New Proteomics Tool Reveals Novel Biomarkers for Cardiovascular Risk
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JULY 27, 2016
Highly sensitive and precise technology finds cardiovascular risk markers
BOSTON – Proteomics, the large-scale study of the body’s proteins, is used to identify molecules associated with certain conditions and can help clinicians diagnose, monitor or screen for a wide range of diseases. These telltale molecules, known as biomarkers, may also help researchers understand the origins of disease like cancer and heart disease and could open the door for new ways to treat them.
In a study led by investigators at Beth Israel Deaconess Medical Center (BIDMC) and the Broad Institute of Harvard and MIT, researchers identified more than 200 new biomarkers linked to cardiovascular disease using an emerging proteomics technology. The paper, published yesterday in the journal Circulation, demonstrates that the promising proteomics tool – an aptamer-based platform that uses single stranded DNA like a fly strip to bind to specific targets – can analyze more than 1,100 proteins in a single blood sample, with both high sensitivity and high precision.
"Many individuals with coronary artery disease don’t exhibit any of the traditional cardiac risk factors, such as smoking, hypertension, high cholesterol or diabetes. The presence of these new biomarkers indicates an elevated risk of cardiac disease even in individuals who have no outward symptoms,” said corresponding author Robert E. Gerszten, MD, Chief of Cardiovascular Medicine at BIDMC, senior faculty member at the Broad Institute and Professor of Medicine at Harvard Medical School.” “With this new technology, we were able to identify novel proteins associated with damage to the cardiovascular tissues.”
In what’s known as a perturbational study, the investigators assessed clinical and biochemical changes in study subjects before and after a cardiac procedure. In this case, the researchers used the aptamer-based proteomics platform to analyze blood samples from patients who had undergone alcohol septal ablation, a treatment for hypertrophic cardiomyopathy (thickening of the heart muscle). The technique also serves as a model of planned myocardial injury (PMI), causing the body to mimic the symptoms of a heart attack.
“Alcohol septal ablation reproduces key clinical features of spontaneous myocardial infarction – commonly known as a heart attack – including chest pain, electrocardiographic changes, and the release of established markers of myocardial injury,” said Gerszten.
The results not only confirmed the existence of established biomarkers of myocardial injury, including creatine kinase MB and troponin, but also identified more than 200 proteins that increased in the study subjects’ blood within one hour following PMI.
“Many of these proteins appeared in the blood samples within 10 minutes of injury,” said Gerszten. “This new information might ultimately help guide treatment by providing clinicians with additional information on top of established biomarkers and electrocardiographic changes.”
Using archived blood samples from a cohort of more than 5,000 participants of the long-running Framingham Heart Study, the investigators next tested whether the aptamer proteomics platform could detect these same proteins and risk factors in individuals who did not have overt cardiovascular disease.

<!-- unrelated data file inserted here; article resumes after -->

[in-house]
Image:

“This analysis confirmed the links between the novel proteins and cardiovascular risk traits in patient samples archived for more than 20 years,” said Gerszten. “This suggests there are many previously unknown pathways that are awry in individuals who had numerous risk factors.”
“Our overall findings provide important human data to support the use of this promising proteomics technology for the diagnosis and screening of cardiovascular conditions, and they highlight a broad spectrum of protein biomarkers associated with cardiometabolic risk that can be explored in future studies,” said Gerszten. “Ultimately, they may even enable us to identify pathways for therapeutic intervention.”
Study coauthors include co-corresponding author Steven A. Carr, PhD, of the Broad Institute; BIDMC investigators Debby Ngo, MD, Sumita Sinha, PhD, Dongxiao Shen, PhD, Michelle J. Keyes, PhD, Xu Shi, MD, PhD, and Laurie A. Farrell, RN; John F. O’Sullivan, MD, PhD, and Michael A. Fifer, MD, of Massachusetts General Hospital; Eric W. Kuhn, PhD, and Hasmik Keshishian, PhD, of the Broad Institute; Marc S. Sabatine, MD, MPH, and Mark D. Benson, MD, PhD, of Brigham and Women’s Hospital; Ramachandran S. Vasan, MD, of Boston University School of Medicine; Martin G. Larson, ScD, of Boston University School of Public Health; and Thomas J. Wang, MD, of Vanderbilt University.
This work was supported by grants from the National Institutes of Health (N01HC25195, HH-SN268201000033C) and the National Cancer Institute (U24CA60034)
About Beth Israel Deaconess Medical CenterBeth Israel Deaconess Medical Center is a patient care, teaching and research affiliate of Harvard Medical School and consistently ranks as a national leader among independent hospitals in National Institutes of Health funding.
BIDMC is in the community with Beth Israel Deaconess Hospital-Milton, Beth Israel Deaconess Hospital-Needham, Beth Israel Deaconess Hospital-Plymouth, Anna Jaques Hospital, Cambridge Health Alliance, Lawrence General Hospital, MetroWest Medical Center, Signature Healthcare, Beth Israel Deaconess HealthCare, Community Care Alliance and Atrius Health. BIDMC is also clinically affiliated with the Joslin Diabetes Center and Hebrew Rehabilitation Center and is a research partner of Dana-Farber/Harvard Cancer Center and the Jackson Laboratory. BIDMC is the official hospital of the Boston Red Sox. For more information, visit www.bidmc.org